We’ve spent the last year wringing our hands about a crisis that doesn’t exist
If you’ve been following tech news in the past year, you’ve probably heard about deepfakes, the widely available, machine-learning-powered system for swapping faces and doctoring videos. First reported by Motherboard at the end of 2017, the technology seemed like a scary omen after years of bewildering misinformation campaigns. Deepfake panic spread broader and broader in the months that followed, with alarm-raising articles from Buzzfeed (several times), The Washington Post (several times), and The New York Times (several more times). It’s not an exaggeration to say that many of journalism’s most prominent writers and publications spent 2018 telling us this technology was an imminent threat to public discourse, if not truth itself.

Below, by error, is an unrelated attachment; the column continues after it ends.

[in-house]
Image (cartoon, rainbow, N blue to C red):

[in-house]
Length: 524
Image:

But more than a year after the first fakes started popping up on Reddit, that threat hasn’t materialized.